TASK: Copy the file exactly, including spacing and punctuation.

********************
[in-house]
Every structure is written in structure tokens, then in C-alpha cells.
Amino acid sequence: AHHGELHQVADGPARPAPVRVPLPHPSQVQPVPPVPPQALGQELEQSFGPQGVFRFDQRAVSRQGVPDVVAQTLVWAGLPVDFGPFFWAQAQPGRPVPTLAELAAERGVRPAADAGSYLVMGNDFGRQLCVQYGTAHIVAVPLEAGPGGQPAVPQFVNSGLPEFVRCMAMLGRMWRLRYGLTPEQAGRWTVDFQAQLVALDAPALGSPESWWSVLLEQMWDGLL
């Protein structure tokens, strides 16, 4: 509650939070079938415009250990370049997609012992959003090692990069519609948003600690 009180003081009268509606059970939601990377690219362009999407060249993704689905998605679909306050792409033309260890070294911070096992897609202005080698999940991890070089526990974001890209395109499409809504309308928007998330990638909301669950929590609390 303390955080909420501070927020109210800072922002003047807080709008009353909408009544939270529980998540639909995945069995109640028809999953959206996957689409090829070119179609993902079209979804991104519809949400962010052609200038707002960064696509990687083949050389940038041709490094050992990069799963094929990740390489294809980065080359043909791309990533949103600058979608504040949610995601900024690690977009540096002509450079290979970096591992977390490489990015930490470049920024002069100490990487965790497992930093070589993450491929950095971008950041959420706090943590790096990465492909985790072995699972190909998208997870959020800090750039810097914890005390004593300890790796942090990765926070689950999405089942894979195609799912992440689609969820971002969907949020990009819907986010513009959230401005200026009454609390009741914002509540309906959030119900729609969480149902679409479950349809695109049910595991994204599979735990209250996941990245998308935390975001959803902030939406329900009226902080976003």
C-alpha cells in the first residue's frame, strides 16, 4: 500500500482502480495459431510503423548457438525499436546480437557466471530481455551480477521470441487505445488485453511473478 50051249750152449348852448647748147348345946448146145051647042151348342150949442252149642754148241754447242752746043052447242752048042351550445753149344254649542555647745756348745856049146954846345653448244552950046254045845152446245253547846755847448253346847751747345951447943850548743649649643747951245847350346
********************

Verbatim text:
[in-house]
Every structure is written in structure tokens, then in C-alpha cells.
Amino acid sequence: AHHGELHQVADGPARPAPVRVPLPHPSQVQPVPPVPPQALGQELEQSFGPQGVFRFDQRAVSRQGVPDVVAQTLVWAGLPVDFGPFFWAQAQPGRPVPTLAELAAERGVRPAADAGSYLVMGNDFGRQLCVQYGTAHIVAVPLEAGPGGQPAVPQFVNSGLPEFVRCMAMLGRMWRLRYGLTPEQAGRWTVDFQAQLVALDAPALGSPESWWSVLLEQMWDGLL
């Protein structure tokens, strides 16, 4: 509650939070079938415009250990370049997609012992959003090692990069519609948003600690 009180003081009268509606059970939601990377690219362009999407060249993704689905998605679909306050792409033309260890070294911070096992897609202005080698999940991890070089526990974001890209395109499409809504309308928007998330990638909301669950929590609390 303390955080909420501070927020109210800072922002003047807080709008009353909408009544939270529980998540639909995945069995109640028809999953959206996957689409090829070119179609993902079209979804991104519809949400962010052609200038707002960064696509990687083949050389940038041709490094050992990069799963094929990740390489294809980065080359043909791309990533949103600058979608504040949610995601900024690690977009540096002509450079290979970096591992977390490489990015930490470049920024002069100490990487965790497992930093070589993450491929950095971008950041959420706090943590790096990465492909985790072995699972190909998208997870959020800090750039810097914890005390004593300890790796942090990765926070689950999405089942894979195609799912992440689609969820971002969907949020990009819907986010513009959230401005200026009454609390009741914002509540309906959030119900729609969480149902679409479950349809695109049910595991994204599979735990209250996941990245998308935390975001959803902030939406329900009226902080976003």
C-alpha cells in the first residue's frame, strides 16, 4: 500500500482502480495459431510503423548457438525499436546480437557466471530481455551480477521470441487505445488485453511473478 50051249750152449348852448647748147348345946448146145051647042151348342150949442252149642754148241754447242752746043052447242752048042351550445753149344254649542555647745756348745856049146954846345653448244552950046254045845152446245253547846755847448253346847751747345951447943850548743649649643747951245847350346